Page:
A Fish Called Wanda

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A Fish Called Wanda

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A Fish Called Wanda

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Apart from Terry Gilliam, the most creatively productive Monty Python member in a non-Python setting has to be John Cleese, who masterminded the '70s TV series Fawlty Towers and the 1988 comedy A Fish Called Wanda. The latter was especially sweet: It was a cult hit that broke beyond its intended cult. On the commentary track of the new double-disc A Fish Called Wanda DVD, Cleese marvels at his luck. The original intent was to make an homage to Ealing Studios caper comedies (with Ealing veteran Charles Crichton at the helm), but once Cleese cast the canny Jamie Lee Curtis and the fleet Kevin Kline as ruthless American crooks out to con diamond-heister Tom Georgeson, the movie's nature changed. A wacky farce about double-crossing and outsmarting became an affectionate, blackly comic study of the differences between Americans and the British.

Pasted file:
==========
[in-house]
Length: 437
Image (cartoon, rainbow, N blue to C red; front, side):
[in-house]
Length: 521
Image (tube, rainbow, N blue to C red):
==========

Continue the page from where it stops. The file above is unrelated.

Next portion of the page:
Cleese's commentary deftly explains what Crichton does so well with A Fish Called Wanda, particularly the way the director lets scenes play out with a minimum of cutting and only a few economical camera moves, so the actors can build a comic rhythm. But Cleese gives himself credit too, for letting Kline and his old Python buddy Michael Palin (playing a stuttering, animal-loving hit man) re-work their dialogue in rehearsal. The ensemble ping-pongs off Cleese, the straight man, who plays a beaten-down barrister assigned to defend Georgeson, while fending off Curtis' deceptive sexual advances. Then Cleese gets smitten with Curtis, and sees a chance to throw off the confines of his proper, sexless British marriage and enjoy some American recklessness.

A Fish Called Wanda winds up being a very personal film for Cleese, and not just because he cast his daughter in a key role (as his daughter, appropriately enough), and allowed himself to give the sweetest, fullest performance of his acting career. For all its dead dogs, swallowed fish, misquoted philosophy, and accidental nudity, A Fish Called Wanda is really about how Cleese admires the endless inventiveness and bravado of the Yanks.

Key features: The Cleese commentary, plus deleted scenes and multiple old and new making-of featurettes.

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